- Each mission was headed by a man, usually an ordained minister. However, many decisions in the mission were made by committees, and since most missions had a majority of women, and most of the women were single, they had a lot of say in how the missions were run. In Talas, the Girls’ Boarding School had a woman principal and all of the teachers were women.
- Rewarding Work
- In North America, there were few jobs available to a college educated woman. She could be a teacher, nurse or office worker. Being a doctor was a very new profession; unskilled labourers were mainly servants or factory workers. In Talas, the women were teachers and nurses, and were constantly pushing themselves to improve their roles. For example, Susan and Stella taught local women to become teachers, but realized their own lack of pedagogical knowledge when it came to teaching teachers. To remedy this, on her second furlough, which began early due to the start of WWI (1914), Susan enrolled at the University of Chicago to obtain a master’s degree in religious education.
- Even though the mission had a small workforce (about 13 people in Talas), they lived, worked and often vacationed together. Their colleagues understood what they were going through, trying to cope with a strange, new world. Over the years, several missionaries turned into dear friends.
- Lifelong Learning
- The first thing these single ladies did upon arriving at their mission stations was to learn the language. Even though Adelaide had been born in Constantinople and attended early school there, she only knew a few words of Turkish. She, Susan and Stella studied Turkish, as they taught English, gym, and any other subjects that didn’t require intricate communication with their students. Later Susan learned to speak Armenian, and some Greek. During the latter part of WWI, Susan studied Chinese (Mandarin) and French, and Stella began French lessons. The women also learned as much as they could about the various cultures of their Turkish, Armenian and Greek neighbours.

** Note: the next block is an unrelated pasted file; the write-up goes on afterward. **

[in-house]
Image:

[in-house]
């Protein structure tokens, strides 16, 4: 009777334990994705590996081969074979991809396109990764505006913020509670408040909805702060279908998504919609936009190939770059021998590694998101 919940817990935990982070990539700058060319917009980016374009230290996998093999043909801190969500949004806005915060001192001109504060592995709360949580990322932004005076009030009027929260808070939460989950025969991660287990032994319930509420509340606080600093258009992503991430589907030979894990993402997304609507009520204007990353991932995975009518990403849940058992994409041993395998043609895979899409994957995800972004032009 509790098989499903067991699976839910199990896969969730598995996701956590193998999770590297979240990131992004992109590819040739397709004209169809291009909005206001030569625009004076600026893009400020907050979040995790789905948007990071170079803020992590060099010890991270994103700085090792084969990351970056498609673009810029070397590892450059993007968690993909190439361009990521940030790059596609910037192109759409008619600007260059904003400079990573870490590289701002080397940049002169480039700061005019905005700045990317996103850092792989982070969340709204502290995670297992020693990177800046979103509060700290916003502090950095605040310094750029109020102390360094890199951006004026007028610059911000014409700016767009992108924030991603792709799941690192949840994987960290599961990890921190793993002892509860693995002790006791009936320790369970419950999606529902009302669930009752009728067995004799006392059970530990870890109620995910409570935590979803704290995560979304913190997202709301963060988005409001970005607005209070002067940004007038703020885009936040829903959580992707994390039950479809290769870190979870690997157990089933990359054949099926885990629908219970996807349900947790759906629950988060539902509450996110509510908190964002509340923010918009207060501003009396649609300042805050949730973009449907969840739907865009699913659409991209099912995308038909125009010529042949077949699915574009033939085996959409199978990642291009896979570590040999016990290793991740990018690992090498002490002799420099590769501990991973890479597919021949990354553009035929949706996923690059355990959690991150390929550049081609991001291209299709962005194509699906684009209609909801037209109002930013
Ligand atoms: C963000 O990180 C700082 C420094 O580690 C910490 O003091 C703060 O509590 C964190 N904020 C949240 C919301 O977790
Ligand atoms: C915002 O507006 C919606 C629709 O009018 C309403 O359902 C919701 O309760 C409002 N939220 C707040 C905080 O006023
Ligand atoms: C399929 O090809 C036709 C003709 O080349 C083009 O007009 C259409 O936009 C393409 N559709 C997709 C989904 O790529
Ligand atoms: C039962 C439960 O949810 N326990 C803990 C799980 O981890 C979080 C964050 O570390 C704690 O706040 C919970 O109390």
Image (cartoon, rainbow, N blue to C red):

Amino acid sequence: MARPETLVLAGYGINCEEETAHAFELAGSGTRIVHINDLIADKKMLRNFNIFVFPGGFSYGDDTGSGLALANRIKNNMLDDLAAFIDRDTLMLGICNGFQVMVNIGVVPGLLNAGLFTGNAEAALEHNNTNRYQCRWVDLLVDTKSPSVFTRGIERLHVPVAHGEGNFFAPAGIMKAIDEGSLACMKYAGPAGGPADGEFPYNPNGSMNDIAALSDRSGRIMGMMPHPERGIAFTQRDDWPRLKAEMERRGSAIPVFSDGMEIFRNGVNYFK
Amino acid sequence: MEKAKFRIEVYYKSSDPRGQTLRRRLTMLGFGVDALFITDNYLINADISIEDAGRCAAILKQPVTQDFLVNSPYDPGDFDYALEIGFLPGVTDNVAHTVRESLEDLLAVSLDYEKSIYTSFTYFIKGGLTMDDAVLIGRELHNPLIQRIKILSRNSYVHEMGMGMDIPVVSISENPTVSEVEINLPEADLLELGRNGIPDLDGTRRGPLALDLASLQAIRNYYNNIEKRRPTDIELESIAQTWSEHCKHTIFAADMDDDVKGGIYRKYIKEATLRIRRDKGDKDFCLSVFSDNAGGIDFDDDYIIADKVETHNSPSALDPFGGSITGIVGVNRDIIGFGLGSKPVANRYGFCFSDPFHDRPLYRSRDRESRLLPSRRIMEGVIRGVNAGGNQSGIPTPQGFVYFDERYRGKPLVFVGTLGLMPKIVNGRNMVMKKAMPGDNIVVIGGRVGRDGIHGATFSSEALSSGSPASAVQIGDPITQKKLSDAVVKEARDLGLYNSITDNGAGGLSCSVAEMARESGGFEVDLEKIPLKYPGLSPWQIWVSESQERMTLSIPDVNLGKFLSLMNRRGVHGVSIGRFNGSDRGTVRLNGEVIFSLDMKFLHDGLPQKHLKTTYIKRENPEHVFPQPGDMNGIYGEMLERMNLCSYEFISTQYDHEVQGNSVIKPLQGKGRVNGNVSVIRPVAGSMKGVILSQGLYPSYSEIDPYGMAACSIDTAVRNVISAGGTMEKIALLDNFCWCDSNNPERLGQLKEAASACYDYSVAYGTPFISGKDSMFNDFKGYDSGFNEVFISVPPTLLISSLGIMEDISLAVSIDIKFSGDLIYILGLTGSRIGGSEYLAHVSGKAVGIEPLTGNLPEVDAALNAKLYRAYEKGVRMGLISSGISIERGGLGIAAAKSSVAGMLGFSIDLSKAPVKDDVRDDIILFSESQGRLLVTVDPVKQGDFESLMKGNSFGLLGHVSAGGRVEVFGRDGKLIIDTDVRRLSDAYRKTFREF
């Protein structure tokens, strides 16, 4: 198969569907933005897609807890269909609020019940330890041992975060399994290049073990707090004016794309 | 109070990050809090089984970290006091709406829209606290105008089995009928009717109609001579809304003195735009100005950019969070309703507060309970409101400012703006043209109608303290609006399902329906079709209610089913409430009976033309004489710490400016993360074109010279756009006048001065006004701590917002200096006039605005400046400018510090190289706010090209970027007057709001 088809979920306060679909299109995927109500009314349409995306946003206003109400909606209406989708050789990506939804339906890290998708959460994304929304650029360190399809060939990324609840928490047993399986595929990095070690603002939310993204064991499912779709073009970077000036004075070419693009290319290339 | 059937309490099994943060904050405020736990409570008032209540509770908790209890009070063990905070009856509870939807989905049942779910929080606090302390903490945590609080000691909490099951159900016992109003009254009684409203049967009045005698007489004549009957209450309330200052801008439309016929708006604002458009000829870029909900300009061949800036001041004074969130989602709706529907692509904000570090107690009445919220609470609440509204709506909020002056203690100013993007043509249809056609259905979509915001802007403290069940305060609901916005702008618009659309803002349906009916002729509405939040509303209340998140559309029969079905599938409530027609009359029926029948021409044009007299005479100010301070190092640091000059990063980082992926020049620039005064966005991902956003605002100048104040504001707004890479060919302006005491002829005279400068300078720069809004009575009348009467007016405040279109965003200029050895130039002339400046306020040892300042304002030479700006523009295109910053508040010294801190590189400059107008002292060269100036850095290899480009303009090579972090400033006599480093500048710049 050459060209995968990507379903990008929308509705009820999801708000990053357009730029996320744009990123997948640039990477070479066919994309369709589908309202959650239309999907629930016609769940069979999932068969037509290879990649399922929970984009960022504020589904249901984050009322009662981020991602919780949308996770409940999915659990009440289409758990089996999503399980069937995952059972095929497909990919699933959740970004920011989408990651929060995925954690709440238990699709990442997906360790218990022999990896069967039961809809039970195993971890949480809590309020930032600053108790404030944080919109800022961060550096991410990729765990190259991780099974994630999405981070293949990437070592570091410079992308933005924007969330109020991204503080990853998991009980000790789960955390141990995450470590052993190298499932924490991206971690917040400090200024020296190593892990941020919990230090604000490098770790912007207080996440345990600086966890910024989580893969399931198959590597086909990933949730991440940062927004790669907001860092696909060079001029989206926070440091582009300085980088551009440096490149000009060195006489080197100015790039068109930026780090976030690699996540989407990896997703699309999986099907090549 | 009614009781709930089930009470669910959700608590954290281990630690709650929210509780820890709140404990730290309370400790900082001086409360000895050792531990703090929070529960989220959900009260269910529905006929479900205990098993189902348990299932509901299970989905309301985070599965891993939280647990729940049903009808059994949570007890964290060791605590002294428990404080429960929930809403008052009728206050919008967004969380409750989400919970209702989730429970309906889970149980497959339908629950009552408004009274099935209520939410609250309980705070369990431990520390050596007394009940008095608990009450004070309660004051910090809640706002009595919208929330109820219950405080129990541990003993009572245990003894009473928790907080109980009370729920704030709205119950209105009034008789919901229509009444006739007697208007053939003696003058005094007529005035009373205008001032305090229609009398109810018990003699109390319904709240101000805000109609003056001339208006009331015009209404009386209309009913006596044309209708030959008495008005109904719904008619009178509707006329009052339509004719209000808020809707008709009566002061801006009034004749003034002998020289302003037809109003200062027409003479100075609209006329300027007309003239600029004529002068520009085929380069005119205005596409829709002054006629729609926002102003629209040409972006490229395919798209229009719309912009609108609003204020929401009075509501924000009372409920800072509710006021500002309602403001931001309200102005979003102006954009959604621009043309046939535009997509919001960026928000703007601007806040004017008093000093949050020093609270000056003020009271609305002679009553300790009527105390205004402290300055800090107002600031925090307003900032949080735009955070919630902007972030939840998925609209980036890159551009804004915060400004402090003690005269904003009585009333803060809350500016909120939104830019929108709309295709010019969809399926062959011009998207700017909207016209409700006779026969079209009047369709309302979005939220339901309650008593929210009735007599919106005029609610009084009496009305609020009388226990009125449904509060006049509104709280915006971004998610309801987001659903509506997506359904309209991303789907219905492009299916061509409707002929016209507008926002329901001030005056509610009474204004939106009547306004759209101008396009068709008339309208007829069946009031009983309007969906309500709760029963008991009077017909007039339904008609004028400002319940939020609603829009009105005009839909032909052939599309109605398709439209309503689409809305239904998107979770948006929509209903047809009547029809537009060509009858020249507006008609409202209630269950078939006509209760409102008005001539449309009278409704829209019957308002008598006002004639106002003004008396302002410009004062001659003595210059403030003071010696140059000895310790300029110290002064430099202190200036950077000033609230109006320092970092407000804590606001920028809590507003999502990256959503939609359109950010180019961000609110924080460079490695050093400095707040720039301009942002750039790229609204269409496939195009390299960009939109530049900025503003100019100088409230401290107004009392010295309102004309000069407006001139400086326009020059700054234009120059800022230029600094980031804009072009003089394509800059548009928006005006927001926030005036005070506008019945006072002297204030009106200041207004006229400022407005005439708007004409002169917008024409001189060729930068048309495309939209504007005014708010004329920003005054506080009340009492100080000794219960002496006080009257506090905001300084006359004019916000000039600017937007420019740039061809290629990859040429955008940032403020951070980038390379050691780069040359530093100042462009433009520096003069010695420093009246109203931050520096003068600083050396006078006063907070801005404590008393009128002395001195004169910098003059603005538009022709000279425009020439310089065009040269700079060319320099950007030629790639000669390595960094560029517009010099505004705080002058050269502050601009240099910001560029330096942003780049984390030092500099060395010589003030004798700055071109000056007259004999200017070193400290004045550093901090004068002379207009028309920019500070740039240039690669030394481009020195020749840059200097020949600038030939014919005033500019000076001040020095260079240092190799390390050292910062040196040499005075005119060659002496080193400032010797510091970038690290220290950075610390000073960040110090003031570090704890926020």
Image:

- They were allowed an annual vacation, and once every seven years, a year-long furlough, usually spent at home in Canada or the United States. Susan and her colleagues were especially happy with their assignment in the Ottoman Empire, because it was the home of many of the people in the Bible. As soon as she became a missionary, Susan went to New York, took a steamship to Hamburg, Germany, explored Berlin for a few days before travelling by rail to Vienna, Budapest, and Constantinople. During her 20 years in Turkey, she saw most parts of the country. She also visited Jerusalem and Bethlehem on vacation, and Cairo, Yokohama, Peking, and Moscow on assignment.
- Celebrity Status
- It may seem strange now, but back then returning missionaries were celebrated. They were interviewed by the press, made the rounds of the lecture circuit, and were held in awe by their communities for the heroic deed of bringing Christianity, hygiene and educated to those who didn’t live in the “civilized world.” Their status was elevated into the stratosphere after 1918 when they and the relief workers faced armed conflict and risked death to provide humanitarian aid.
These remarkable “single ladies” did a considerable amount of good in their missionary role, but they also benefitted from it, too.
- Currently about half of all adults in the United States are single (a record low), and 80% of young people between 18 and 29 are not married.
- Technically, Stella received an A.B., from the Latin artium baccalaureus.
Photo: The “ladies” of Talas, Turkey, circa 1905, surrounding Stella Loughridge (in white); Susan Wealthy Orvis Papers, private collection.